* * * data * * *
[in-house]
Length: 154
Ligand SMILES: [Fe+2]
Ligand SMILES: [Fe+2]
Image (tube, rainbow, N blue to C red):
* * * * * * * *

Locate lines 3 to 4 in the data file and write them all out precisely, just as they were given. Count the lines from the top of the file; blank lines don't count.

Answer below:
Ligand SMILES: [Fe+2]
Ligand SMILES: [Fe+2]